Podcast (29 minute listen)

How to Run Your Business When The World Stops and Everybody Goes Home

Explore how to run your company when everything has changed — and the future is uncertain.

Jeff DeVerter / Rackspace

As a pandemic sweeps the globe, millions are suddenly working from home, while the companies they work for rapidly reconfigure to function in a new and uncertain world.

OEConnection is one such company. This industry leader in tech solutions that help vehicle dealers sell original equipment parts has 1,000 employees across five countries. Mike Woolard heads up a team that handles compliance certifications and “anything that’s needed in the business from a security standpoint”. He’s seen his company rapidly pivot in key areas to ensure continued success in the current climate.

By chance, the company was already transitioning to a more flexible work-from-home policy when coronavirus began to spread. “At first, coronavirus was just a topic of conversation,” Woolard says. “But when our Poland office started to get word about lockdown, it became real.”

Business continuity policy rapidly evolved and adapted as the pandemic’s impact became clear. Within weeks, the entire company transitioned to working from home. It wasn’t easy. Even though OEConnection had considered pandemics, its business continuity policy was mostly centered around coping with local natural disasters, and it didn’t fully account for a global supply chain disruption. Nor had a situation been considered where every office would be closed, impacting workflows that often required items be printed, packaged and delivered. “When everyone’s working from home — everything’s remote — how do you solve for that?” Woolard asks.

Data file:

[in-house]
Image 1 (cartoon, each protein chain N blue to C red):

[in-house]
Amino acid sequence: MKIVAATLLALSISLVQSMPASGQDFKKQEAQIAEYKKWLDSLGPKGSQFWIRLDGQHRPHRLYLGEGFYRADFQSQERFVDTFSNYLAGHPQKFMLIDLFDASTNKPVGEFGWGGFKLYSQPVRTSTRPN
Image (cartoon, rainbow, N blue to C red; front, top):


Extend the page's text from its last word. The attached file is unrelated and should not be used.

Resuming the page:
Business continuity is the topic of the latest Cloud Talk. In just 30 minutes, Woolard and Rackspace CTO Jeff DeVerter explore how to run your company when everything has changed — and the future is uncertain.

Listen now to learn more about:

  • How to equip staff to do their jobs and communicate effectively from home
  • The vital need to support employee well-being and mental health
  • A pandemic’s impact on planning compared to a local disaster’s
  • Compelling metrics on productivity levels when staff work from home
  • Exploring critical spending, so you don’t face hard decisions later
  • How personalized virtual environments can boost fun and brand alike
  • Ensuring your tech setup is optimized for business continuity and security
  • The importance of flexibility when facing uncertainty

Because of its harsh global repercussions, Woolard sees the pandemic as a catalyst for business continuity testing. When this is all over, he recommends we evaluate the continuity decisions that worked — and those that didn’t. Any actions that proved effective could potentially result in permanent beneficial change, and also become part of a ‘runbook’ for the next time something like coronavirus occurs. “But right now, it’s hard to say what productivity is going to look like in six months’ time,” he says. “There will be a lot of fear — a lot of uncertainty. So it’s all about the lessons learned. You know anything can happen anytime — so just be prepared.”

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About the Author

CTO, Products and ServicesJeff DeVerter

Jeff has 25 years of experience in IT and technology, and has worked at Rackspace for over 10 years. Jeff is a proven strategic leader who has helped companies like American Express, Ralph Lauren, and Thompson Reuters create and execute against...

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